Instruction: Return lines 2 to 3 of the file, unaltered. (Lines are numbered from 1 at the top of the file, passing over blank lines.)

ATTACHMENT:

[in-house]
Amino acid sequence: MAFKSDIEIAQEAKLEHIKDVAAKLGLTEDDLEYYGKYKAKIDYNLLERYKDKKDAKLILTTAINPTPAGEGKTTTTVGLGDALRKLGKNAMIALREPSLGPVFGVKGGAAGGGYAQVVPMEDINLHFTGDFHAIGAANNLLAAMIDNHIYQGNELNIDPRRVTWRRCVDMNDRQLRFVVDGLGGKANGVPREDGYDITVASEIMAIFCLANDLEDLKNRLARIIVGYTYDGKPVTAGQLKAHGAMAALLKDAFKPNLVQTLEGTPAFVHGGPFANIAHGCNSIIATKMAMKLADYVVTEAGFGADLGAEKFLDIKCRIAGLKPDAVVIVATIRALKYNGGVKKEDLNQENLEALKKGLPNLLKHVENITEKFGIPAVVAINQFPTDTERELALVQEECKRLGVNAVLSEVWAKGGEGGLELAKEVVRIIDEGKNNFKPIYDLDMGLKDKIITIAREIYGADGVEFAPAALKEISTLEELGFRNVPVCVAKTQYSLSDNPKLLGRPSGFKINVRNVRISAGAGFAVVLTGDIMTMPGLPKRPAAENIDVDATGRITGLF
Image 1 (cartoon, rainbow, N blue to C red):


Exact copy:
Amino acid sequence: MAFKSDIEIAQEAKLEHIKDVAAKLGLTEDDLEYYGKYKAKIDYNLLERYKDKKDAKLILTTAINPTPAGEGKTTTTVGLGDALRKLGKNAMIALREPSLGPVFGVKGGAAGGGYAQVVPMEDINLHFTGDFHAIGAANNLLAAMIDNHIYQGNELNIDPRRVTWRRCVDMNDRQLRFVVDGLGGKANGVPREDGYDITVASEIMAIFCLANDLEDLKNRLARIIVGYTYDGKPVTAGQLKAHGAMAALLKDAFKPNLVQTLEGTPAFVHGGPFANIAHGCNSIIATKMAMKLADYVVTEAGFGADLGAEKFLDIKCRIAGLKPDAVVIVATIRALKYNGGVKKEDLNQENLEALKKGLPNLLKHVENITEKFGIPAVVAINQFPTDTERELALVQEECKRLGVNAVLSEVWAKGGEGGLELAKEVVRIIDEGKNNFKPIYDLDMGLKDKIITIAREIYGADGVEFAPAALKEISTLEELGFRNVPVCVAKTQYSLSDNPKLLGRPSGFKINVRNVRISAGAGFAVVLTGDIMTMPGLPKRPAAENIDVDATGRITGLF
Image 1 (cartoon, rainbow, N blue to C red):